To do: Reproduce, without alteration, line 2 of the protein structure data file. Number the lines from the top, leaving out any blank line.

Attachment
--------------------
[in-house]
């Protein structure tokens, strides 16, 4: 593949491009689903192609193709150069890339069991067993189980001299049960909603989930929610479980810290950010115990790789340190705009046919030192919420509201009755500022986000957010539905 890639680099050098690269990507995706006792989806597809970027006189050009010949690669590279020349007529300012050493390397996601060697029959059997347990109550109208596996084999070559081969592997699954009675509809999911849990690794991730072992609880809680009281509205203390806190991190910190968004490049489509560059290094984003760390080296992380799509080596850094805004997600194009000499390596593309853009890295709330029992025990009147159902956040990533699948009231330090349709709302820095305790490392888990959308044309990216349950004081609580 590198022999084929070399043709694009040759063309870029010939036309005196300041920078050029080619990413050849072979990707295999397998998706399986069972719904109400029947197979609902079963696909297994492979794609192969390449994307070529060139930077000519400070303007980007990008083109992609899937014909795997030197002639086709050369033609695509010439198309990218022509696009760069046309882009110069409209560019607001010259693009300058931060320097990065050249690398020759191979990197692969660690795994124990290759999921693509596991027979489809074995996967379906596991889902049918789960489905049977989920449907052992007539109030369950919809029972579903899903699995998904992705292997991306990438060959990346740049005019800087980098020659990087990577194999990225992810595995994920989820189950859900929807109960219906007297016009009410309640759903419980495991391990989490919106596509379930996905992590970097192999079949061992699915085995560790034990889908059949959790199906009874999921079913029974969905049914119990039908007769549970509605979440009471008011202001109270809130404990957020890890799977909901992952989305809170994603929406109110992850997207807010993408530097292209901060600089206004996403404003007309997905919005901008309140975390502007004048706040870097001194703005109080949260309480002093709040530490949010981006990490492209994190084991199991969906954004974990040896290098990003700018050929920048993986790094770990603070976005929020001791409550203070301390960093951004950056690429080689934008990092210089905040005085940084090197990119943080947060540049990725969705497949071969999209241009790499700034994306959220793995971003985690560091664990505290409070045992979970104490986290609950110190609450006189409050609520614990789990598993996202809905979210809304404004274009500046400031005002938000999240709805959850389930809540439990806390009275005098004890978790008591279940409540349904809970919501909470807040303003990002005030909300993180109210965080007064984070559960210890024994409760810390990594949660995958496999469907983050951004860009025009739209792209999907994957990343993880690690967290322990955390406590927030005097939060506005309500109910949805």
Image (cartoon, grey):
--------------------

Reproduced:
């Protein structure tokens, strides 16, 4: 593949491009689903192609193709150069890339069991067993189980001299049960909603989930929610479980810290950010115990790789340190705009046919030192919420509201009755500022986000957010539905 890639680099050098690269990507995706006792989806597809970027006189050009010949690669590279020349007529300012050493390397996601060697029959059997347990109550109208596996084999070559081969592997699954009675509809999911849990690794991730072992609880809680009281509205203390806190991190910190968004490049489509560059290094984003760390080296992380799509080596850094805004997600194009000499390596593309853009890295709330029992025990009147159902956040990533699948009231330090349709709302820095305790490392888990959308044309990216349950004081609580 590198022999084929070399043709694009040759063309870029010939036309005196300041920078050029080619990413050849072979990707295999397998998706399986069972719904109400029947197979609902079963696909297994492979794609192969390449994307070529060139930077000519400070303007980007990008083109992609899937014909795997030197002639086709050369033609695509010439198309990218022509696009760069046309882009110069409209560019607001010259693009300058931060320097990065050249690398020759191979990197692969660690795994124990290759999921693509596991027979489809074995996967379906596991889902049918789960489905049977989920449907052992007539109030369950919809029972579903899903699995998904992705292997991306990438060959990346740049005019800087980098020659990087990577194999990225992810595995994920989820189950859900929807109960219906007297016009009410309640759903419980495991391990989490919106596509379930996905992590970097192999079949061992699915085995560790034990889908059949959790199906009874999921079913029974969905049914119990039908007769549970509605979440009471008011202001109270809130404990957020890890799977909901992952989305809170994603929406109110992850997207807010993408530097292209901060600089206004996403404003007309997905919005901008309140975390502007004048706040870097001194703005109080949260309480002093709040530490949010981006990490492209994190084991199991969906954004974990040896290098990003700018050929920048993986790094770990603070976005929020001791409550203070301390960093951004950056690429080689934008990092210089905040005085940084090197990119943080947060540049990725969705497949071969999209241009790499700034994306959220793995971003985690560091664990505290409070045992979970104490986290609950110190609450006189409050609520614990789990598993996202809905979210809304404004274009500046400031005002938000999240709805959850389930809540439990806390009275005098004890978790008591279940409540349904809970919501909470807040303003990002005030909300993180109210965080007064984070559960210890024994409760810390990594949660995958496999469907983050951004860009025009739209792209999907994957990343993880690690967290322990955390406590927030005097939060506005309500109910949805």